Maldives Cabinet Holds Underwater Meeting

(AFP) October 18, 2009 – MALE – Maldivian President Mohamed Nasheed, who staged the world’s first underwater cabinet meeting at the weekend, is emerging as the global stuntman in the battle against climate change.

Nasheed, 42, dived with his cabinet to the sea bottom Saturday in an effort to press December’s UN summit in Copenhagen to cap carbon

emissions that cause global warming, threatening low-lying nations such as the Maldives.

“We should come out of Copenhagen with a deal that will ensure that everyone will survive,” said the president as he bobbed in the shimmering Indian Ocean after the meeting.

A presidential aide said the event, to highlight the threat facing the resort paradise — which scientists warn could be submerged by rising sea levels by the century’s end, was Nasheed’s idea.

He said a New York-based environmental group had wanted the president to hold a banner underwater to push for cuts in global greenhouse gas emissions.

But Nasheed, the youngest leader in South Asia, went one better, with the 30-minute meeting intended to highlight a potentially watery future for the 1,192 coral islands that make up the Maldives.

It was only the latest in a series of eye-catching public relations moves by Nasheed, a former journalist, to focus the spotlight on climate change and how it could affect the archipelago, known as an idyllic getaway for the rich.

The president stunned the world last year when he announced he wanted to buy a new homeland to relocate the population of the Maldives in the event that damage from rising sea levels became too great.

The announcement had a major impact in India, Sri Lanka and Australia — all potential destinations cited by Nasheed for what could be some of the world’s first environmental refugees.

Nasheed has also been photographed at a submerged desk off the sandy white beaches of the Maldives.

The environmental activism of Nasheed, who came to power last year, follows efforts by his predecessor, Maumoon Abdul Gayoom, to highlight the nation’s predicament.

“Gayoom had been a very vocal campaigner so there is a political compulsion for Nasheed to keep the Maldives at the forefront of the global warming issue,” said Ibrahim Ismail, for many years an independent member of parliament.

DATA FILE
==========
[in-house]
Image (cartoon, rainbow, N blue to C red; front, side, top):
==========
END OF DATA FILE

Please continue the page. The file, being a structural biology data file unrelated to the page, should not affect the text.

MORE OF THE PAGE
Gayoom, described by opponents as autocratic, ruled the islands unchallenged between 1978 and 2008 and repeatedly threw Nasheed in jail over a period of six years.

As a political activist, Nasheed was at one point an Amnesty International prisoner of conscience.

Educated in Sri Lanka and Britain, the president, a father of two young daughters and holder of a degree in maritime engineering, built a pro-democracy movement with local and foreign support, winning the country’s first multi-party elections a year ago.

His latest dive in scuba gear was preceded by interviews to foreign television networks to talk about what he called his “sinking feeling.”

Ismail said Nasheed’s underwater cabinet meeting had little impact locally in a country whose 300,000 Sunni Muslim population was more preoccupied with immediate bread and butter issues.

“I think this is a good action as far as publicity is concerned. Not locally, but internationally,” Ismail said.

Nasheed announced last month the Maldives had no money to pay for him to attend the Copenhagen summit, but Denmark has said it will fund him as his participation is considered essential.

Source: AFP

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